Does Your Spouse or Adult Child Put You in the Middle?
The current situation with John, age 24, is that he has been living at home since he failed out of college four years earlier. John has managed to get some jobs over the years, but holding on to them has been the challenge. John’s job struggles that come from his belief that, “I hate people telling me what to do.”
John’s friends have fallen by the wayside and he spends most of his time in his room playing video games. He tells Janet and Russ that one day he will go back to college and then become a videogame designer. Russ is fed up with John’s “pipe dreams“.
Janet feels guilty because John has ADHD and struggles with distractibility and lack of motivation. Medications have only provided marginal improvement. John prefers smokingweed to “chill out”, and while he acknowledges it demotivates him, he claims that “weed makes me far more creative.”
Russ describes himself as “old school” and insists that John should start paying rent to him and Janet. Russ is also infuriated by “John’s lack of respect for us who pay the bills!”
Russ has become increasingly vocal, complaining to Janet that John SHOULD be washing the dishes. John tells Janet that if he is reminded to wash HIS dishes he is happy to do so. But John also makes it clear to Janet that he SHOULD not have to wash dishes that are not his own.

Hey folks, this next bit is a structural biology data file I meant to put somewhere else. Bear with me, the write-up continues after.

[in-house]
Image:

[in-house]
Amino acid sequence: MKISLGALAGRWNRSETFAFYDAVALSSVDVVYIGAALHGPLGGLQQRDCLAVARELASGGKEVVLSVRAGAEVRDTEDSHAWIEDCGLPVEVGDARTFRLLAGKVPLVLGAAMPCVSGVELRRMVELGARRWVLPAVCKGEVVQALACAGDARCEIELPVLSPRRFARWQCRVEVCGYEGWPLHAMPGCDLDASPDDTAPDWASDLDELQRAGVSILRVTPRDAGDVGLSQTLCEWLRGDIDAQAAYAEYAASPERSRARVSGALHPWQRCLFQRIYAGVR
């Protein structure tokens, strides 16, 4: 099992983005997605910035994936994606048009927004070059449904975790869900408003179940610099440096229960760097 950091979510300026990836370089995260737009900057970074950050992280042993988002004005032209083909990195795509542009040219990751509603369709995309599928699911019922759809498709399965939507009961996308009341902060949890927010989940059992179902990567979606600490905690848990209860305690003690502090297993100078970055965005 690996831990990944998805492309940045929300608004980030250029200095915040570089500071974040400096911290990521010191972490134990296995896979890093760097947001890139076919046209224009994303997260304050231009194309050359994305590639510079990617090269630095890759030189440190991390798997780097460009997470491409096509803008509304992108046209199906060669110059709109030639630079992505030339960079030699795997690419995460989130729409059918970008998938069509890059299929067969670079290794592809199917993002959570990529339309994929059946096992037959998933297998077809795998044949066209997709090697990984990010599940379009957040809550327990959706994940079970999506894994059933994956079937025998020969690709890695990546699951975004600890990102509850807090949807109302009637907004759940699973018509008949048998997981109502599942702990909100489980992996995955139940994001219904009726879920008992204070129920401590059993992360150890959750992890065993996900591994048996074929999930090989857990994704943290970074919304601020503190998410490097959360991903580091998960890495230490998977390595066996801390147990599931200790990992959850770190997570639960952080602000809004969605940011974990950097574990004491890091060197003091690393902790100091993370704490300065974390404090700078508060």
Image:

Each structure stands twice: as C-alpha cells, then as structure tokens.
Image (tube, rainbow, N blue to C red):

Changing The Dynamic
When I saw Janet for counseling (John and Russ both refused to come to counseling, saying it was a waste of time) she was distraught. She reported that she was losing sleep, was constantly stressed out, and that her blood pressure was elevated.
Through counseling, Janet learned to stop the madness of being in the middle. She sat John and Russ down together and shared HER need for a calmer, less emotionally reactive home life. Truly seeing Janet’s angst, Russ agreed to soften his delivery and John acknowledged that “Deliberately trying to piss Russ off” was not a good long-term plan for anyone.
Other positive changes put in place included:
- Russ catching John making better choices (e.g., organizing the shoes in the mudroom).
- John agreeing to hold a job of at least 20 hours a week.
- John enrolling in a graphic design class at a community college.
- Russ verbalizing and “owning his anxiety” about John’s future so that John could be reminded that Russ was coming from a place of caring versus criticism.
- John agreeing to taper his use of weed from almost daily to once or twice per week.
- Russ and John planning a father-son camping trip to further reboot their relationship with more positive feelings.
- Janet agreeing to keep the momentum moving forward by calling out either John or Russ at any utterance of complaints about one another going forward.
- When it comes to managing dependent adult children it is common for one parent to feel stuck in the middle. To break free:
- Be aware of this unhealthy family triangle of conflict.
- Talk about it, and try new strategies to break the pattern, such as those described above, and…
- Stay mindful that stopping the madness of being stuck in the middle will help you start getting to better places.